long-serving prime minister, Helen Clark, was ousted by a political newcomer –
National’s John Key.
Veteran academic commentators Colin James, Jon Johansson, and Therese Arseneau offer perspectives on what New Zealanders were voting for when endorsing John Key and National, and what they were voting against. Several MPs elected for the first time in 2008 provide first-hand accounts of their parties’ campaigns, including Labour’s Grant Robertson; the Greens’ Catherine Delahunty; the Maori Party’s Rahui Katene; ACT’s John Boscawen; and the director of National’s winning campaign, Steven Joyce, appointed to Cabinet following National’s victory. New Zealand First’s doomed campaign is described by its campaign director, Damian Edwards, while party strategists John Pagani and Rob Eaddy provide accounts of the Progressive and United Future campaigns.
Key to Victory also investigates the important issues of the 2008 election, such as the impact of the Electoral Finance Act, and the likely future of New Zealand’s remaining small parties.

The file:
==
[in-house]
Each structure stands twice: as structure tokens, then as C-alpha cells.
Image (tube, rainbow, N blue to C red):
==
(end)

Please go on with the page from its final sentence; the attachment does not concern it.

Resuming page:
During the 2008 campaign political parties started getting to grips with websites, blogs, Facebook and YouTube, and ‘prediction markets’ competed with traditional polls in forecasting the election results. The book describes these developments and provides insights into the use of the media by John Key and Helen Clark in their rival campaigns for leadership. International reaction to the New Zealand campaign and the country’s vote for change is also highlighted.
Key to Victory includes a special DVD with excerpts from key campaign events including the televised leaders’ debates, the leaders’ opening night campaign addresses, parties’ TV ads and campaign billboards.